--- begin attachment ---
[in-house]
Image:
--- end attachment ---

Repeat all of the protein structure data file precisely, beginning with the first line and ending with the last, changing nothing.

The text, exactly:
[in-house]
Image: